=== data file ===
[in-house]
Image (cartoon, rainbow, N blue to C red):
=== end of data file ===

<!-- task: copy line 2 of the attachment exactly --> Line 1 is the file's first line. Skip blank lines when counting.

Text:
Image (cartoon, rainbow, N blue to C red):